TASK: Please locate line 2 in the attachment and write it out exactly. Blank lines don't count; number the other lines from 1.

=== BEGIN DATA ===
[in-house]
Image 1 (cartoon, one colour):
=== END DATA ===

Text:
Image 1 (cartoon, one colour):